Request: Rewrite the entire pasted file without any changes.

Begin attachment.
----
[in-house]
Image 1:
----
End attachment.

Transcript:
[in-house]
Image 1: